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ARS Home » Southeast Area » Fort Pierce, Florida » U.S. Horticultural Research Laboratory » Subtropical Plant Pathology Research » Research » Publications at this Location » Publication #172083


item Castle, William
item Gottwald, Timothy

Submitted to: International Organization of Citrus Virologists Proceedings
Publication Type: Peer Reviewed Journal
Publication Acceptance Date: 3/18/2005
Publication Date: 3/18/2005
Citation: Castle, W.S., Gottwald, T.R. 2005. Spatio-temporal analysis of tree decline losses among navel orange trees on swingle citrumelo rootstock in two central florida citrus groves. International Organization of Citrus Virologists Proceedings.

Interpretive Summary: Citrus blight is a serious disease of citrus in many tropical citrus growing countries. The disease has been investigated for over 100 years yet its cause remains unknown. The disease causes a general decline due to a plugging of the vascular system and eventually death of the affected tree. Some researchers believe it is caused by a contagion but other researchers believe it is abiotic, that is, perhaps nutritional or a genetic defect in citrus trees themselves. It is thought that it can move by root grafting between trees but no other means of movement is known. There has been some speculation and indications that the disease also may have a vector, that is, an insect or some other means of moving the contagion if it exists. This study was undertaken to see if any indications of the existence of a vector could be determined by several complex epidemiological analyses that might indicate the effect of a vector and if one is indicated, help to identify what it might be. The study was partially successful in that the interaction of some kind of vector was indicated in several cases. However, the type of vector was not entirely clear although it was not inconsistent with movement of other virus diseases whose vector is an aphid.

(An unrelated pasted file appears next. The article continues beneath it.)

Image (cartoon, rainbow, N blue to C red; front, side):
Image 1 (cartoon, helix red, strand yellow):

Technical Abstract: The incidence of decline in two blocks of navel orange [Citrus sinensis (L.) Osbeck] trees on Swingle citrumelo [C. paradisi Macf. x Poncirus trifoliata (L.) Raf.] rootstock planted in 1977 and 1991, respectively, was mapped annually. Trees were growing in typical sand soils of Central Florida. Declining trees began to appear in the mid and late 1990s in the older and younger groves, respectively. Selected trees in each grove were assayed each year for trunk water uptake, blight P-12 protein, and other possible causes of decline. Most trees tested were positive for blight especially in the younger grove, and displayed typical canopy symptoms for blight. Some trees in the older grove had abnormal bud unions suggesting a different cause for decline related to a possible mechanical pinching effect from a severe overgrowth of the scion by the rootstock. Those symptoms did not appear until the trees were ca. 15 years old. Spatial analyses were conducted at the individual tree, local area (small groups of trees) and orchard levels. Blight incidence was inconsistently aggregated at the individual tree level and more consistently at the local level for 2X2, 3X3, and 4X4 tree group sizes for all plot/year combinations tested. SADIE analysis, used to test for aggregation at the plot level, also demonstrated little evidence for aggregation for all plot/year. Stochastic spatio-temporal modeling was used to examine the likelihood of blight movement from local versus background interactions and to help interpret the biotic versus abiotic cause of blight. The likelihood maps of the spatio-temporal model indicated spread of blight occurred within a local vicinity of a few trees although not necessarily to nearest neighboring trees and that there was some tendency for background longer range transmission. Therefore, although the causality of blight remains unclear, and there is no conclusive evidence for vector transmission, there is some indication that the dynamics of the spread of blight are similar in many regards to the CTV/Toxoptera citricida pathosystem. If a vector is involved in blight transmission, there is no evidence whatsoever that it is an aphid, however, the likelihood is that it acts with spatial dynamics similar to Toxoptera citricida.